The final scene of this film moved me when I was a child. It all seems a little sentimental now but the moment when Ted Ray stepped out to face his pupils who had wrecked his chance of promotion to prevent him from leaving them is one of my all time favourite film moments.
I was a fan of the early Carry On films. This 1959 film was the third in the series that eventually totalled thirty-one. I saw it on British television in the 60s since it was released in cinemas before I was born! The black and white story of an ambitious headteacher who sees the arrival of inspectors as his opportunity to snatch the headship of a brand new school is a good one.
Two of his pupils overhear him telling a teacher that, should he get the job, there will be opportunities for others. They decide that the only way to keep their headteacher is to ensure the inspection is a disaster and they enlist their friends to make sure it is. The comedy comes from the thwarted efforts of the head to impress and the inability of the teachers to cope with the breakdown of order.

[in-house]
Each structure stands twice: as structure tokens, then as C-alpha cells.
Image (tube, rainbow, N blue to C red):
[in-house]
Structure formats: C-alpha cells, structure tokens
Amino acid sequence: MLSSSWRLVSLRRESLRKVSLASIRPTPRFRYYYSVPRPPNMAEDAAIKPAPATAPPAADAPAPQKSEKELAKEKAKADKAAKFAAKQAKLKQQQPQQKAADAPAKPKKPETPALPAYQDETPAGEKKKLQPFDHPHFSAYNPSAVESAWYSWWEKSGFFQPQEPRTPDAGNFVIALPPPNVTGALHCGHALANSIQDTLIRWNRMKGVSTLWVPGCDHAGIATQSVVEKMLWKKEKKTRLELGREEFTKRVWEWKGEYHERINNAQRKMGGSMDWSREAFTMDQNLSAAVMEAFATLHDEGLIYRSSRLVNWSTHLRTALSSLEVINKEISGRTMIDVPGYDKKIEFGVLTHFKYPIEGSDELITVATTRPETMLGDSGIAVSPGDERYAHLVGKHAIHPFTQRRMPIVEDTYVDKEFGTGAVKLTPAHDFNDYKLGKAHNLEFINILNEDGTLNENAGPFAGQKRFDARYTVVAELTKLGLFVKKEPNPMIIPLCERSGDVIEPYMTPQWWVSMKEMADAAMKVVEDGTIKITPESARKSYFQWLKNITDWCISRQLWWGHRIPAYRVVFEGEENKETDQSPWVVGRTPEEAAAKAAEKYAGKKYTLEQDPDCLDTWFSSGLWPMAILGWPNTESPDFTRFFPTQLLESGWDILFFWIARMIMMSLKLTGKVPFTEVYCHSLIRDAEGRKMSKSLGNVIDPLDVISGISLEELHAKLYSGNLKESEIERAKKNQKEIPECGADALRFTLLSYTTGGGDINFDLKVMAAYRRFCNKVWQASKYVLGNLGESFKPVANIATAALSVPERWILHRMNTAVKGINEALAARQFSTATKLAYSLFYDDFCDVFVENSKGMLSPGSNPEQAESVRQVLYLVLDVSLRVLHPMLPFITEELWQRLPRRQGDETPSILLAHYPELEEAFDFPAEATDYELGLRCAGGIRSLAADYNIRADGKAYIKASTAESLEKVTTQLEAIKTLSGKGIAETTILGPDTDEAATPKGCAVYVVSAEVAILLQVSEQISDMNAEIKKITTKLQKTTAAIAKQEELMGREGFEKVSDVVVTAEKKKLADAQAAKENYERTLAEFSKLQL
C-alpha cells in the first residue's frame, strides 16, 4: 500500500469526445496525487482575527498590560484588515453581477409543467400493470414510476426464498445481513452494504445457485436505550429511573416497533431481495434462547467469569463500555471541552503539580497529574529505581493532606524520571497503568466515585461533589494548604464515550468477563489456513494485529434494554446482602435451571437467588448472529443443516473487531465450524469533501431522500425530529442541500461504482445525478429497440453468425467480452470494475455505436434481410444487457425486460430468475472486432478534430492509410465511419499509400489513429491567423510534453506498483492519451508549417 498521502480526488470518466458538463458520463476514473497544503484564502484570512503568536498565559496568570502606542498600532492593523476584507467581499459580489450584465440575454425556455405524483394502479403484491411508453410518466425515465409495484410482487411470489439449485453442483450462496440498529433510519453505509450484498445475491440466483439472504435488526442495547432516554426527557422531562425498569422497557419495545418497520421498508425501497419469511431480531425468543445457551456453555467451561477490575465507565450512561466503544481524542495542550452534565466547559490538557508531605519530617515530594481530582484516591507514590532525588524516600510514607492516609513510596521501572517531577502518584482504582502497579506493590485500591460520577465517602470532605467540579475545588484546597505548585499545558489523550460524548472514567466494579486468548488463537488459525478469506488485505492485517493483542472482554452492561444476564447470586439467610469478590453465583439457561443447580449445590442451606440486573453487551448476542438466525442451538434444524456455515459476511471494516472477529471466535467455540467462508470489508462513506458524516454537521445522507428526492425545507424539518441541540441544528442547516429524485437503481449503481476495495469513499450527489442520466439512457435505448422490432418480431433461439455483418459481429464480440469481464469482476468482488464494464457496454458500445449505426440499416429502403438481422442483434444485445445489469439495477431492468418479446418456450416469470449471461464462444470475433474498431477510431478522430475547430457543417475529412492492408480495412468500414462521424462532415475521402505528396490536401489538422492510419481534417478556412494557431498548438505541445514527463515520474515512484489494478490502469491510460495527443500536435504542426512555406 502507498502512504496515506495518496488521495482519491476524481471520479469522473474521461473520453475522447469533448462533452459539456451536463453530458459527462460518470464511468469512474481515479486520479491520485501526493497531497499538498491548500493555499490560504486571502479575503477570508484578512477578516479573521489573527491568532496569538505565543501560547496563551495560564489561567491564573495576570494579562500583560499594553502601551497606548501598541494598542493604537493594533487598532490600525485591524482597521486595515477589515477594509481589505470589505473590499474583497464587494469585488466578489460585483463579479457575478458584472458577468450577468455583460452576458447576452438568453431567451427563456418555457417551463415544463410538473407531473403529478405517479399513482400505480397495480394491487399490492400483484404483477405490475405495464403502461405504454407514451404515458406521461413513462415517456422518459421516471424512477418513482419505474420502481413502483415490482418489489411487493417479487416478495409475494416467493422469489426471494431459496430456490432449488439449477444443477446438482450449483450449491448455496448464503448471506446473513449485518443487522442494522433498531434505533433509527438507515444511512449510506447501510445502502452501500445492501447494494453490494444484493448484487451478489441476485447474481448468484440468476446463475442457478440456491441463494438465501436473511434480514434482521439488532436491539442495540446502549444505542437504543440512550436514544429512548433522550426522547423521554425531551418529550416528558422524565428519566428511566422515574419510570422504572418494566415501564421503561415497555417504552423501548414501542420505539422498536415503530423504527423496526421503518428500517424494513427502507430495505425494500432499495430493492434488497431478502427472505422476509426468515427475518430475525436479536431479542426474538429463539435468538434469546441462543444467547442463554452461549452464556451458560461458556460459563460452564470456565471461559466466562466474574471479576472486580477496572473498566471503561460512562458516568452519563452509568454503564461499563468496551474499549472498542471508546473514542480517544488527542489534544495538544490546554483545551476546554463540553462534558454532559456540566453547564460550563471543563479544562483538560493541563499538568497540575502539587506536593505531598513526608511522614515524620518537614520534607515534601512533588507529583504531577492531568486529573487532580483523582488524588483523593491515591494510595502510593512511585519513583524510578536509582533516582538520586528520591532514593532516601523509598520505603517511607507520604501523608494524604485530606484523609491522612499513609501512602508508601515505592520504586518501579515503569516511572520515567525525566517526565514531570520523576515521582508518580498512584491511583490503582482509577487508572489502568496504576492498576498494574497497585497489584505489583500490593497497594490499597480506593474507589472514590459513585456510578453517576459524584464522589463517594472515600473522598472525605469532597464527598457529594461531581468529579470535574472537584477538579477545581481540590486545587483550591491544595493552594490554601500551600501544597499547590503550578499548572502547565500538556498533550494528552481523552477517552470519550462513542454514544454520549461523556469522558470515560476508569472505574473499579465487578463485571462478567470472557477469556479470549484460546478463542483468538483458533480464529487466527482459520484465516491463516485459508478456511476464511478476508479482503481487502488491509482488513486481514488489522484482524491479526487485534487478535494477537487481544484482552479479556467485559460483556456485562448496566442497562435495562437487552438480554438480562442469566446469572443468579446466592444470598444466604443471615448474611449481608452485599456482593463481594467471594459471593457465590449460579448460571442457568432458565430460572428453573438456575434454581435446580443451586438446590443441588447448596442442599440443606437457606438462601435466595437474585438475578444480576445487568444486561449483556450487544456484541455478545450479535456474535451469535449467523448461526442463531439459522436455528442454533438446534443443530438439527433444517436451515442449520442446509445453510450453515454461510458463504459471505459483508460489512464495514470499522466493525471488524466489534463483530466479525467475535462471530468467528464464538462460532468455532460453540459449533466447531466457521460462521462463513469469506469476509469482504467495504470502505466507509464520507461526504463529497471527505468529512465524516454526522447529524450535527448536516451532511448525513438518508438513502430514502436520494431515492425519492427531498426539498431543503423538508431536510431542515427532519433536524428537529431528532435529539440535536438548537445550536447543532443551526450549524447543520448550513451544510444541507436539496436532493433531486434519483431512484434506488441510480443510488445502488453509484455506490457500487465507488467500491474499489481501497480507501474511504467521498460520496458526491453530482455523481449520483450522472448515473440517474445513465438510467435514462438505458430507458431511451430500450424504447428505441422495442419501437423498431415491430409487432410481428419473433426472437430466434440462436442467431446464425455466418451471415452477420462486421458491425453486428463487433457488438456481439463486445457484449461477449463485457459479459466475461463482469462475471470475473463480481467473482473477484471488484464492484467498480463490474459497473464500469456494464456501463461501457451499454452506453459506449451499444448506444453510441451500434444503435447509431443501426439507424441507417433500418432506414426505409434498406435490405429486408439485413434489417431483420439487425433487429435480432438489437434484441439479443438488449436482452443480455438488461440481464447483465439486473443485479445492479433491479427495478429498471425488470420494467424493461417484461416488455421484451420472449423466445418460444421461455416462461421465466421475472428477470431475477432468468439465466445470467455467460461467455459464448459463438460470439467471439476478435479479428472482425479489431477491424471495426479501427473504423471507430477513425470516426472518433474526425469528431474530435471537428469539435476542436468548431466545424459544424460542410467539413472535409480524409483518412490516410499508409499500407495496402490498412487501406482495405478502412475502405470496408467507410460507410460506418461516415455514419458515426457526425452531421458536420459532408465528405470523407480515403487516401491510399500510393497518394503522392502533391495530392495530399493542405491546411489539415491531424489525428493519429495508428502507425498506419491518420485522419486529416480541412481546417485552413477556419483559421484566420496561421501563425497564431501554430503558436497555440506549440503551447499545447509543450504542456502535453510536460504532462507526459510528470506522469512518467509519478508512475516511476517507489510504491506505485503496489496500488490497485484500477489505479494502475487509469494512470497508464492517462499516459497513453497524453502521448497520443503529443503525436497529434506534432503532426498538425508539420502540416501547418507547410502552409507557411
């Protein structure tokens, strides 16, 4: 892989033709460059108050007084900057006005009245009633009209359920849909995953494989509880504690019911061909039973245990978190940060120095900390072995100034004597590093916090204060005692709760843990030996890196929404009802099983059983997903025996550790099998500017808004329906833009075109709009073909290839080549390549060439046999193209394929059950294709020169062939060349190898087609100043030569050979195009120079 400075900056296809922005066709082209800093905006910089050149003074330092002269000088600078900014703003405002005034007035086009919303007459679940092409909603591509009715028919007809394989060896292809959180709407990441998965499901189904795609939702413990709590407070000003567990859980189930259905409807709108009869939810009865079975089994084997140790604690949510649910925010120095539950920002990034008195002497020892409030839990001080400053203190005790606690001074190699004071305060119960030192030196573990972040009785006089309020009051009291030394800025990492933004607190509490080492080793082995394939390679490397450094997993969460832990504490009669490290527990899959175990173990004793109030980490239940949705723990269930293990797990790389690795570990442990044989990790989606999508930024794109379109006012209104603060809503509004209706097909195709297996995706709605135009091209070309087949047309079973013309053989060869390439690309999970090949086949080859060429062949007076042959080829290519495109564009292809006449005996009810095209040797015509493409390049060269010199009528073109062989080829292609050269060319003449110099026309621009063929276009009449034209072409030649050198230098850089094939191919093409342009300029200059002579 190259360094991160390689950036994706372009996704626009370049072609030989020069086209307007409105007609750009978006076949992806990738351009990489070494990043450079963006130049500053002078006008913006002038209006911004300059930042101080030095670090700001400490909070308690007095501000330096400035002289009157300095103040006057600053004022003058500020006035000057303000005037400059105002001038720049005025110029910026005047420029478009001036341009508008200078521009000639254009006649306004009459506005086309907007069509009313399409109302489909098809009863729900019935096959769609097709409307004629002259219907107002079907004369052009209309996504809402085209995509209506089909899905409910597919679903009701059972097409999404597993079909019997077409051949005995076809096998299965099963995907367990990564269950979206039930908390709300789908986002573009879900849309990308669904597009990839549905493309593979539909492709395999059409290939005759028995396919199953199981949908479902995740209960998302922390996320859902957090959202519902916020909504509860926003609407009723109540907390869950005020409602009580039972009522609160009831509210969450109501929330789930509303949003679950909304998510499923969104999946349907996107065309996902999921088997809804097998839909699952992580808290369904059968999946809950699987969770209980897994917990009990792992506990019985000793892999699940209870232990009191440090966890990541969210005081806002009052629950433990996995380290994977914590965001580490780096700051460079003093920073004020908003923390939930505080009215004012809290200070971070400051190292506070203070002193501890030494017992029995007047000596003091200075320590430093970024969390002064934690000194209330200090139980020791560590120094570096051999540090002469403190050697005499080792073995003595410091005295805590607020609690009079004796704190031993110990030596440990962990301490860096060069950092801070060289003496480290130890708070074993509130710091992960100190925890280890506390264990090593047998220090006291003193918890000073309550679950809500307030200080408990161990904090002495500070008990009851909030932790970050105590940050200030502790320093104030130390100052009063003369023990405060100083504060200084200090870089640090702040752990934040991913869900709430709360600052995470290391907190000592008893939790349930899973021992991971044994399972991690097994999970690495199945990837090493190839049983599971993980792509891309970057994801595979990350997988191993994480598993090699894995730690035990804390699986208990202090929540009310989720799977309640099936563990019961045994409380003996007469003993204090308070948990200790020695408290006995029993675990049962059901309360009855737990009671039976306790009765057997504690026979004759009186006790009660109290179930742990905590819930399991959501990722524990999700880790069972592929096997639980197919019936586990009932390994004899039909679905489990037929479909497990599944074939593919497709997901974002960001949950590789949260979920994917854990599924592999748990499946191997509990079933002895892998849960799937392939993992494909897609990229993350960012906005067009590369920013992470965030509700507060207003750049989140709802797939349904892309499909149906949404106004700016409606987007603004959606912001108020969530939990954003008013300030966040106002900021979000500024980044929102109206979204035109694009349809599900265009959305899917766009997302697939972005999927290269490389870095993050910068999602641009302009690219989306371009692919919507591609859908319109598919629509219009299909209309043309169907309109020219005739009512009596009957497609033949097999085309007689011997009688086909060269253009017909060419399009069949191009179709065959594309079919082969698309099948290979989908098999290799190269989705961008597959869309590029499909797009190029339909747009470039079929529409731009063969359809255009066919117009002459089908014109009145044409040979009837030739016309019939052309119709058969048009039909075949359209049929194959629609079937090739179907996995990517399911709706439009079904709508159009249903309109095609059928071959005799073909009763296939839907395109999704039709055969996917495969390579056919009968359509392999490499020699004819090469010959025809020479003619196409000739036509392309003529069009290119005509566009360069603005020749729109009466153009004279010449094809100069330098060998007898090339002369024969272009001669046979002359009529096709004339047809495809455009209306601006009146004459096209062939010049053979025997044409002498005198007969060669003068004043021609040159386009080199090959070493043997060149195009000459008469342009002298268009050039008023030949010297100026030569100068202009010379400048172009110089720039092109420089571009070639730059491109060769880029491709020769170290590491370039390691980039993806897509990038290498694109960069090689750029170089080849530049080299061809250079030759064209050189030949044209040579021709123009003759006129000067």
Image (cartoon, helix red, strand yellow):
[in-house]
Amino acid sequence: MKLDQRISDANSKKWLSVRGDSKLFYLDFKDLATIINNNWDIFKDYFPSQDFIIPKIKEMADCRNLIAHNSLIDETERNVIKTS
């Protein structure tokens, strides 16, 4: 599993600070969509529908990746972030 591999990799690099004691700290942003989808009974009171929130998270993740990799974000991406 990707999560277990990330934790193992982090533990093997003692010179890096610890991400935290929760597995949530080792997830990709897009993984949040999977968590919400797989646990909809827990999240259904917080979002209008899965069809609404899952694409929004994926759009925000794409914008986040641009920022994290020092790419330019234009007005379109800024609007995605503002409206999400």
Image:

In the current British education system the inspectorate is a malign growth and there is little to amuse there but this is from a kinder age and the story leads to the final scene which I loved as a boy.
The ‘Carry On’ films continued into the 60s and 70s and I loved most of them until the bawdy humour became distasteful. Kenneth Williams, Hattie Jacques and Charles Hawtry were favourites of mine but, in this film, Ted Ray was the star. It was his only ‘Carry on’ role.
‘Carry On Teacher’ is in my hinterland. What’s in yours?